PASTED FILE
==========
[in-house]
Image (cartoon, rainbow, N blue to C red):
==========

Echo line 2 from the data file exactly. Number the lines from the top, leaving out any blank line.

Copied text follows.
Image (cartoon, rainbow, N blue to C red):